Just like every time: three, four, maybe five days at the max, this round of escalation will be over. This is how Gazans have been dealing with the constant rounds of escalation recently, and unexceptionally, me too.
But exceptionally, this time was different: the volume of violence was higher - no surprise, as the resistance went much further. Targeting the jeep on the Israeli border wasn’t something that Israel would let go easily; therefore, an Israeli reaction was definitely expected – just not this big.
As a freelance journalist, I went down to the street to work on the story, and yes, I felt common, just like all the officials and people I met. People where telling me that they don’t even know what sense it makes, when we injure a couple of Israelis, and Israel kills more of us in return. “Logic!” I shouted. "Why does the resistance start it if they are just going to run to the Egyptians and ask them to mediate for a cease-fire?" I never got an answer.
Gazans have been talking about a second operation like Cast Lead since the first one ended. They know Israel has no farfetched solution. However, the first operation happened without introduction; people expected that any of the recent escalations would be the introduction this time, especially considering the nonstop Israeli threats.
On the contrary, however, the militants that I interviewed were totally eliminating the possibility of Israel making a “Cast Lead II.” They believed the Israeli threats were merely elections propaganda. “The more they threaten, the more they do nothing,” one militant told me, with all the confidence in the world.
Only one hour after this militant finished his sentence - one hour - Jabari was assassinated and Operation Pillar of Defense was officially declared.
I was doing my normal work when the air strike took place near my home, I didn’t hear it in news; I heard in from the mosques calling out “God is great, Jabari is now a marytr.” And all in a second, I was witnessing the same scenario of how Cast Lead I started. Crazy bombings were everywhere; literally, everywhere. I called my family to make sure they were all fine, and thank God, they were all fine. They said that it’s them who are supposed to be worried about me, as I was caught in the cross-fire: I couldn’t go back home; I should stay where I was. Luckily, I was near a hotel where I could stay the whole night.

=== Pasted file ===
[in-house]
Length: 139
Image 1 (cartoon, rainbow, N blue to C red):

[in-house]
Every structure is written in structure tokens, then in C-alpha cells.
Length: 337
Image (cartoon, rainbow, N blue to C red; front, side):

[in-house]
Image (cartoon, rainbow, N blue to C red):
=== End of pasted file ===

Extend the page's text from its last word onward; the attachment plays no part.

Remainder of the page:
The night was hard on everyone in Gaza, and hardest on me, staying without my family beside. I spent the whole night following, writing, and not obeying my mum, going to the hospital to check it out there. At the morgue, where death smelled really ugly, there were dozens of people rushing to say goodbye to their relatives. I saw Al-Jabari's young cousin: he told me he’s not sad at all. “I’m happy he’s a martyr and I wish I could be one, as well. It’s the way of resistance that we chose.”
At the hospital, children were involved in a battle that they have nothing to do with. I saw a one-year-old girl who had all of her body burnt, but was still hardly surviving death. All the injured I saw were civilians, including children and women, who always pay the taxes to Israelis and Palestinians stretching their muscles.
Before Jabari was assassinated, life in Gaza was going normally, just like during any other round of escalation. But not anymore: The area has become a city of ghosts. Everything in Gaza has closed its doors, governmental and nongovernmental organizations, schools, shops except those for food and fuel. People know they are going to have to repeat what they learnt from their experience in the 2008-09 war. They will get enough living supplies and stay, hopefully, safe in their homes.
Today, at Al-Jabrai's funeral, I saw what proved to me that Gazans have a strong immunity against any Israeli threat or attack. People of all the ages were there, saluting and screaming in one voice: “There is no God but Allah.” They had that wild smile all over their faces. One old woman was standing at her home door, and waving her hands with a bright tear in her eye, calling: Good Bye Abu Mohammed, please say hi to my nephew, he is there in heaven waiting for you."
Abeer Ayyoub is a journalist in Gaza
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